Who pays the piper? An influx of Key Opinion Leaders
I am becoming increasingly concerned with the effects of Key Opinion Leaders (KOL) on orthodontic practice. Two recent publications have bothered me and I simply cannot help responding.
KOLs are practitioners who receive payment from companies for their help with product development and promotion.
I have posted about Key Opinion Leaders several times. These posts have generated considerable debate. I have also published a post by Jason Cope, who set out his role as a KOL in a clear and transparent way. He made the crucial point that a Key Opinion Leader needs to declare any potential conflicts when they speak or write about a product.
Recently, there has been an upsurge in KOL activity on social media. This has resulted in claims being made for the effects of appliances that are not supported by research. Furthermore, two recently published “KOL articles” have concerned me. These are in a editorial in the AJO-DDO and a discussion on self-ligation in the Journal of Clinical Orthodontics.
Let’s start with the editorial by Dave Paquette in the AJO-DDO
Am J Orthod Dentofacial Orthop 2018;154:459-60 https://doi.org/10.1016/j.ajodo.2018.07.007
What did he say?
In this editorial he points out that manufacturers develop new products to help us provide better care. As part of this process Key Opinion Leaders inform us about their clinical experience when using the new products. However, there is an assumption that if a speaker receives payment from a company their opinions must be biased. As a result, there is a vigorous debate on the role of corporate sponsorship and the influence of KOLs. Importantly, some of this debate is unseemly.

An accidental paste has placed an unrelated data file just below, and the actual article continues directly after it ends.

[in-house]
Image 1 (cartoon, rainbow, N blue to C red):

He then states that corporate events which promote a product or company are bound to be biased. Furthermore, similar biases are present in the selection of speakers at the annual AAO Congress.
He also writes that most of the time the only evidence to support new technologies is case reports. Importantly, we cannot put new developments on hold, while we wait for the results of a trial.
Finally, he feels that all those on the “public stage” should disclose their associations and biases. By doing this we can all support each other.
What did I think?
I think that his overall message was that when a KOL promotes a treatment they should not always be treated with suspicion. I agree, but only if they declare their association. In the USA the payments to KOLs are published. Just go to this website and type in the name of a KOL and you will see their income from a company. (https://openpaymentsdata.cms.gov).
Unfortunately, it was a shame that Dr Paquette’s associations were not declared in this editorial. In my opinion, this negates his arguments.
Let’s move to the JCO.
We all know that the JCO is not a journal that publishes scientific research. However, it is a very useful source of great clinical information. As a result, it has an influence on clinical practice. It, therefore, follows that the editor and members of the editorial board have a responsibility to our patients.
I was, therefore, surprised to come across the editorial and “open discussion” on self- ligating brackets.
JCO August 2018
In his editorial Dr Keim states:
“The valid unbiased literature on self-ligation is indecisive”.
“The best way for the average JCO reader to get a clear view of self-ligation would be to hear from private practice orthodontists”.